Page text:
China retaliated with imposing tariffs on 5,207 American products valued at $60 billion. This escalated the U.S. to impose even higher tariffs which China following the suite. Both countries imposed tariffs on goods valued at $200 billion each, sending the globe in an economic standoff between two economic monsters.

Another effect of trade deficit is depreciating currency value. When a country sells its products abroad, it drives the demand for its currency higher. But a trade deficit will weaken the importing country’s currency. The U.S. dollar became stronger in 2018 relative to the Euro and British Pound. Although this seems like good news but is a death warrant for the country’s export.

When the dollar is strong or expensive, other countries have a more difficult time paying the country for their goods and services. This might even discourage a lot of developing nations or nations in political turmoil to import goods from the US while encouraging them to export in the US economy for better returns.

To tackle a strong dollar and reduce the trade deficit, President Trump erected the highly-criticized trade barriers. When you restrict the flow of imported goods, it forces domestic companies to produce more, hence driving the employment rate up. Consumers also tend to buy domestic products because they are cheaper compared to imported products with heavy tariffs.

Trade barriers not only push the domestic market to its optimum but also helps in regulating currencies. When you restrict the flow of dollars to the outside world, it becomes scarce and more valuable.

China’s currency, Yuan, is on a peg to the dollar. This means that yuan is valued at a fixed exchange rate to the dollar. China’s central bank pays the US fixed amount of money in exchange of dollar, irrespective of price change. China uses the peg model to keep its currency at a lower level for competitive exports.  

Due to high exports, China can accumulate a lot of money and buy when it’s weaker to support the US Treasury by driving up the demand of dollar. This leaves China with an abundance of money leaving the U.S. in a tight spot.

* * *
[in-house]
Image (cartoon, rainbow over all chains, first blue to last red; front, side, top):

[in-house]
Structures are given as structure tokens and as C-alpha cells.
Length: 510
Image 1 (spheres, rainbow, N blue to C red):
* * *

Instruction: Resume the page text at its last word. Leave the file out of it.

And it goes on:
In Sept. 2018, US owed China approximately $1.15 trillion. The U.S. is trying to reduce this debt by making China open its borders more for trade and restricting the flow of dollar to the outside world.

A good way to reduce debt is to reduce imports while exporting more. A weaker dollar indicates to reduce imports.

If China one day decides to unload its stash of the dollar in the market, it might hurt the US currency and have its value dropped. The effects won’t be on the U.S. alone, as 66 other countries also peg their currency to the US. A weaker dollar might lead to weaker economies of these 66 countries.

According to President Trump, China undervalues its currency to attain competitive export prices in the South-Asian market. The Chinese economy saw a growth of 10 percent in its GDP every year in the past decade. A fast-rising economy is bound to experience inflation, but China saw less than 2.5 percent inflation on an average in the past five years.

In 2016, China let loose its Yuan in hope of having a bigger impact on the world economy. The People’s Bank of China tried unpegging the yuan from the dollar. If the growth rates were right, the Yuan should have climbed up on the stock market, but rather it saw a huge plummet which made it clear that China has been fabricating its economic data.

Despite all the restrictions and trade talks, the trading terms between the U.S. and China don’t seem to change a lot in the coming future. Both countries exist on a symbiotic relation. The U.S. imports cheap products from China in turn for providing mass cheap labor. The US can afford to look for another third world nation to be its manufacturing district, but very few countries can provide as much employment to the Chinese nationals as the US does. A disruption in this give and take relationship can hurt both economies pretty badly.